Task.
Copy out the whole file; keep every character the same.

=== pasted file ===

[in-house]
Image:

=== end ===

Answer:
[in-house]
Image: